© - Steven A. Cerra, copyright protected; all rights reserved.
In memoriam - Larry McKenna 1937-2023.
“Their resumes are only a shadow of who these men are. To really know the true Larry McKenna and Bootsie Barnes, you have to meet them. They are as men just as their music sounds: giving, open, genuine and deeply funny. Working nearly every night, Barnes and McKenna are consistent, positive forces on the scene. Deeply admired by younger generations of musicians, they show us that a life in music should be led with grace, joy and honesty.”
- Sam Taylor, insert notes author
The More I See You is the title of the recently released Cellar Live CD [CL 050718] featuring Bootsie Barnes and Larry McKenna and if you are are a fan of the two tenor sound dating back to Al Cohn and Zoot Sims or Tubby Hayes and Ronnie Scott or more recently Eric Alexander and Grant Stewart [aka Reeds and Deeds], then this disc belongs in your collection.
And the more you listen to The More I See You, the more things you’ll find to enjoy starting with Bootsie and Larry’s robust, vibrant, "take no prisoners" tenor blowing and continuing through to the driving rhythm section which is formed by Lucas Brown on Hammond B-3 organ and Byron “Wookie” Landham on drums.
Essentially Bootsie and Larry have taken the traditional tenor sax, guitar, organ and drums format and substituted a second tenor saxophone to alter the sonority of this configuration.
Then there are the marvelous choices that make up the nine tracks on the CD which include one original each from Bootsie and Larry, solo ballad renditions - You’ve Changed for Larry and My Ship for Bootsie - two fun-to-play-on Jazz standards - For Minor’s Only by Jimmy Heath and The Break Through by Hank Mobley - and three selections from the Great American Song including the title tune, The More I See You Sunday in New York and Hank Mancini’s theme to the TV series Mr. Lucky that provide textured melodic vehicles to show off the two tenors unison sound to perfection.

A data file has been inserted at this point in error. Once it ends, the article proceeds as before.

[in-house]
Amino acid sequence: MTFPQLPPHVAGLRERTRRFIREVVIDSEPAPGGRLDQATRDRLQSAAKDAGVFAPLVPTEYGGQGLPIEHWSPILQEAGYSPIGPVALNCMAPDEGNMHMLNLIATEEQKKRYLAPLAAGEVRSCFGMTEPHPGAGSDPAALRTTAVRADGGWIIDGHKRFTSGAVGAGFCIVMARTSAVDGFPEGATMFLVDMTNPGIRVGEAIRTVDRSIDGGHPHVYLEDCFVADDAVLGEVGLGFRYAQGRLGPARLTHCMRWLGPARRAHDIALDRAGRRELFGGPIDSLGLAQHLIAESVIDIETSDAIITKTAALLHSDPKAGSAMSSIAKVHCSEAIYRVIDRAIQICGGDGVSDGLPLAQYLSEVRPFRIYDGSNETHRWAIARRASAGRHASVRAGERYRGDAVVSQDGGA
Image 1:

Another quality on display throughout this recording is balance: no one solos for too many choruses; all the players have an opportunity to solo; the tempos are a mix of burners, ballads and medium finger-poppers each long enough to settle into a groove; as referenced, the song selections are a nice balance between familiar popular songs, Jazz standards and original compositions; the performances are consistently played in a straight-ahead Jazz style.
The end result is a satisfying beginning-to-end listening experience encompassing over 60 minutes of brilliantly conceived and executed quartet Jazz.
Sam Taylor contributed the following insert notes which frame the context for The More I See You [Cellar Live CD CL 050718] as fitting squarely into the modern Jazz scene that encompassed Philadelphia in the second half of the 20th century, a period that also served as the formative years in the development of the styles for both Bootsie and Larry.
In his notes Sam also recounts his personal experiences with Bootsie and Larry’s music in the Philadelphia Jazz club scene.
Following Sam’s informative annotations you’ll find Pierre Giroux’s review of The More I See You [Cellar Live CD CL 050718] in the October 9th edition of Audiophile Audition, as well as, a video montage and an audio-only Soundcloud file featuring two tracks from the music on the CD.
“What defines the sound of a city? Ask three Philadelphians and get four opinions, as the joke goes. The people, their collective spirit both past and present, is a good place to start. Philadelphia, a city overflowing with history is home to a proud, passionate, willful, and fiercely loyal people. The city's jazz legacy is no different and has always been a leading voice. Shirley Scott, McCoy Tyner, Benny Golson, Trudy Pitts, Lee Morgan, the Heath Brothers, Stan Getz, Philly Joe Jones and countless other Philadelphia jazz masters are bound together by the same thread. These giants played in their own way, without concern for style or labels. They had an attitude; an intention to their playing that gave the music a feeling, a rhythm, a deep pocket. In Philadelphia today, there is no question who preserves that tradition, embodies that spirit and who defines the "Philadelphia sound": Bootsie Barnes and Larry McKenna.
Now elder statesmen of the Philadelphia jazz community, Bootsie Barnes and Larry McKenna were born just a few months apart in 1937. The times in which they lived often dictated their career paths, but no matter where their music took them Philadelphia was always home.